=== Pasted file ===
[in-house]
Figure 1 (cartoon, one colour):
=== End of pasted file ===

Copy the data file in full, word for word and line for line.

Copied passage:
[in-house]
Figure 1 (cartoon, one colour):